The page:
If you have had an ovarian cyst in the past, your chances of having another are increased. Other factors that contribute to ovarian cyst formation are early onset of menstruation (11 years or younger), irregular menstrual cycles, hormonal imbalances, stress, and an “apple-shaped” body (an overweight condition in which excess fat is relatively high on the torso, as opposed to the lower center of gravity in a “pear-shaped” body). Fertility drugs (such as Clomiphene) that induce ovulation can also increase the risk of developing corpus luteum cysts.
What are the conventional treatments of ovarian cysts?
Since most functional ovarian cysts are symptomless and resolve on their own they are rarely even noticed, let alone treated. In otherwise healthy women of reproductive age where a cyst is seen but no pain is involved, the advice is simply to follow up with regular checkups to assure that the cyst is not increasing in size. Periodic pelvic ultrasounds can evaluate the changes in the cyst over the next two to three months to make sure it is reducing in size and not causing problems.
However, if the ovarian cyst grows to more than five to ten centimeters and persists or causes complications like pain or bleeding, it may require surgical removal. This can usually be done through a laparoscope on an outpatient basis unless complications prompt more intensive observation and treatment.
Some cysts involve the ovary, whereas others can be removed without it being compromised. In postmenopausal women, functional cysts are very rare and the risk that such growths signals ovarian cancer increases. As a result, doctors will commonly recommend surgery as opposed to watchful waiting when a cyst develops in such women.
Oral contraceptives prevent cyst development by interrupting the formation of follicles. These drugs are often recommended in patients who have had previous complications from ovarian cysts. Anti-inflammatory drugs (Naprosen, Ibuprofen) are commonly prescribed for pain, and occasionally, narcotics can be used for severe discomfort.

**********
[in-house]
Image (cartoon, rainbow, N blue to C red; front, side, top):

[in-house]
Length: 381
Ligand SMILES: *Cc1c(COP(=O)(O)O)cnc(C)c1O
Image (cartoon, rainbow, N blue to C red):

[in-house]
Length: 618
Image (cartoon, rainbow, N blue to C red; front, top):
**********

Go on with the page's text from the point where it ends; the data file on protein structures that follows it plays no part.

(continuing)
What does Dr. Weil recommend for ovarian cysts?
Women of childbearing age and beyond should have annual pelvic examinations by a qualified practitioner to evaluate changes in the uterus and ovaries.
If you do develop an ovarian cyst, consult with your physician to first determine if any treatment is necessary. If so, there are some integrative recommendations to try. Natural anti-inflammatories (such as ginger and turmeric, taken alone or in combination) can offer similar relief for pain as compared to ibuprofen or other NSAIDs without the stomach upset or other side effects of these medications.
Dr. Weil often recommends extracts of both ginger and turmeric. Start with two capsules taken daily with a meal. Heat, in the form of a hot water bottle or warm bath, may help relax muscles that naturally tense up in response to pain. Relaxation techniques, including guided imagery and hypnosis can also be used to help relieve discomfort and resolve symptoms brought on by tension. Because cysts that press against surrounding structures tend to cause pain, take steps to avoid constipation and empty your bladder as soon as you feel the urge.
Finally, Dr. Weil recommends experimenting with traditional Chinese medicine (TCM), which has a good track record in dealing with hormonally related issues in women. TCM views ovarian cysts as the result of an imbalanced energy flow, and uses acupuncture, herbs and other techniques to address this. These traditional interventions seem to help by improving blood supply to reproductive organs, regulating hormonal imbalances and decreasing stress.